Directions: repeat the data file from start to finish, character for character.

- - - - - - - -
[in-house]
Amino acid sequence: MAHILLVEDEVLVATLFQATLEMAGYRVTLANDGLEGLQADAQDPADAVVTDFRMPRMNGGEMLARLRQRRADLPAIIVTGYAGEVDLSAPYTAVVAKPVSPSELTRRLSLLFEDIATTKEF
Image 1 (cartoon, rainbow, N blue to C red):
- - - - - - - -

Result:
[in-house]
Amino acid sequence: MAHILLVEDEVLVATLFQATLEMAGYRVTLANDGLEGLQADAQDPADAVVTDFRMPRMNGGEMLARLRQRRADLPAIIVTGYAGEVDLSAPYTAVVAKPVSPSELTRRLSLLFEDIATTKEF
Image 1 (cartoon, rainbow, N blue to C red):